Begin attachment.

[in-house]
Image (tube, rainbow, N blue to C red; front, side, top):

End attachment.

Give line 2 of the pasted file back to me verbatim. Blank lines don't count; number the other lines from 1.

Image (tube, rainbow, N blue to C red; front, side, top):